Considering this, I like to think of PraiseMoves as a way to "untwist" these beneficial postures back to glorify God.


          "But yoga postures are beneficial! You just said it yourself!" I hear some say. "My doctor told me to start doing yoga and now my shoulder/arthritis/fibromyalgia is better." Well, certainly. There is evidence that yoga postures are quite helpful for physical ailments. They can even be stress-relieving. One could hardly imagine something entirely unfruitful to be much of a trap for anyone. Without physical benefits no one would even be practicing yoga. I don't argue with its physical benefits.


          May I throw a wild analogy at you? If one wanted to poison an animal, they wouldn't plop a glob of poison on a plate and yell, "Here, boy!" A more likely scenario would be to put the poison in the middle of a nice hunk of juicy meat or some other food they'd enjoy. "Hmmm. Looks good," thinks the animal. "Smells good. Sure gonna taste good." Yep, it sure tastes good, doesn't it? But, oh, the consequences.


          Did you know that 98% of rat poison is corn? Only 2% is the arsenic that poisons the rat.   


Hold on to your Helmet (see Ephesians 6:10-17)!!!

The true meaning of hatha yoga (the style available on most videos and at most gyms today):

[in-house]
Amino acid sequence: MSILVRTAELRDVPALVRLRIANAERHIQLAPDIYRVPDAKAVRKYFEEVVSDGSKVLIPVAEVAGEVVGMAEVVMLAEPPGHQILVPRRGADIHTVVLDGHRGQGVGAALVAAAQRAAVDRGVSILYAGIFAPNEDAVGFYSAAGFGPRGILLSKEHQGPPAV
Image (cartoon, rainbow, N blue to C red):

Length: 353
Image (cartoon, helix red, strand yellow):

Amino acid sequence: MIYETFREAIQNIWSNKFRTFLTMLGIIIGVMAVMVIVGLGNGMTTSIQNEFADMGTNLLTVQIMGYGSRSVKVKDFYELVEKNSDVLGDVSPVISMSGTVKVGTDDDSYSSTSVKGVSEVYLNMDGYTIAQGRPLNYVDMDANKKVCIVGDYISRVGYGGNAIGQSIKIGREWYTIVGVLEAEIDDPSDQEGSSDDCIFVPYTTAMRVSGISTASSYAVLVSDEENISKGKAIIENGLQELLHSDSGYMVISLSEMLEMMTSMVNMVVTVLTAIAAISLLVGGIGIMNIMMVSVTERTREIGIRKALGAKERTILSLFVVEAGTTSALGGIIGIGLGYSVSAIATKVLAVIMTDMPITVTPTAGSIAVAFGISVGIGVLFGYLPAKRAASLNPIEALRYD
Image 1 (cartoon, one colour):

"The term Hatha Yoga has been commonly used to describe the practice of asana (postures). The syllable 'ha' denotes the pranic (vital) force governing the physical body and 'tha' denotes the chitta (mental) force thus making Hatha Yoga a catalyst to an awakening of the two energies that govern our lives. More correctly the techniques described in Hatha Yoga harmonize and purify the body systems and focus the mind in preparation for more advanced chakra and kundalini practices.


"Let us see the meaning of word Hatha, it is made up of Ha + Tha. "Ha" means Ida nadi, (moon principle) or left nostril and "tha" means Pingala Nadi (sun principle) or right nostril. Nadi means psychic passage of energy which can be compared with nerves in physical body. Hatha means balance of Ida and Pingala Nadis, or balancing of mental energy of Ida and Vital energy of Pingala Nadi. Ida Nadi can be compared with Parasympathetic Nervous system and Pingala nadi can be compared with Sympathetic Nervous System. So Hatha Yoga practices results in balancing the entire nervous system. The basic purpose of Hatha Yoga is to purify the Ida and Pingala Nadis and then uniting these 2 forces with the third Psychic Nadi Sushumna, which carries Kundalini at Ajna Chakra (eyebrow center)."

- Yogacharya Vishwas Mandlik, Vice Chancellor of Yoga at Vidya Gurukul (Yoga University).  


"It's just exercise.right?"  Or is it?